House Bill (HB) No. 955 seeks to exempt sea salt from mandatory iodization to ensure that small-scale and subsistence producers are not adversely affected by the law.
Salo in his introduction to the bill said: “Heavy importation of salt has also taken its toll on local producers. From being largely a self-sufficient salt producer in the 1990’s, with more than 70% of the annual national salt requirement coming from Bulacan, Pangasinan, Mindoro, Cavite, Parañaque, and other areas, we have become reliant on imported salt.”
He added that “by 2009, we were already importing almost 70% of our annual national salt requirement from Australia alone. From supplying 33% of the nation’s salt needs, Bulacan’s share declined to only 1%. As early as 2003, of the 52 salt farms in Bulacan, 32 have closed. Some salt farmers, such as those in Pangasinan, Mindoro and other coastal areas, are struggling to keep their business.”
HB 955 also provides that the Food and Drug Administration shall maintain a registry of sea salt producers and issue a certificate or authorization to protect them from harassment by local authorities and from allegations of non-compliance with iodization requirements.
Ortiz-Luis, Jr., also Vice Chairman of the Export Development Council (EDC), has expressed the export group’s support for Salo’s bill. However, he suggests that only sea salt that will be exported or used to maintain or enhance the quality of export food products should be exempted from mandatory iodization because iodine deficiency remains a pervasive public health problem in the country.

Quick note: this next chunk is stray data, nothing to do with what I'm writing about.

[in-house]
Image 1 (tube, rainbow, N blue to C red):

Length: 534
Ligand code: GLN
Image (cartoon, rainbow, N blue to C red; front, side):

“If non-iodized salt will be recommended to be available for local market, we can surely expect strong resistance from the Department of Health (DOH) and other health organizations,” he pointed out.
“Since it is still difficult to open the local market for non-iodized Philippine sea salt, we should therefore focus first in getting permission to export Philippine sea salt and to use it for export products,” he added.
Stakeholders have also pointed to studies showing that the Philippines has already achieved adequate iodine status as many people are able to get iodine in their diet from other sources such as fish and dairy products.
However, iodine deficiency is still not completely resolved. One study recommends focusing on pregnant women, lactating women, the elderly and other vulnerable regions and population with poor education and a lower socioeconomic status as a future strategy to eliminate iodine deficiency. The goal, it said, is to raise their awareness through more effective educational and information campaigns.
Salo, for his part, has acknowledged concerns raised that HB 955 is too drastic as it exempts all sea salts from iodization, and he is looking at proposing limiting the exemption only to sea salt sold in local gourmet stores and exported overseas.
HB 955 has been pending with the Committee on Local Government since July 2019.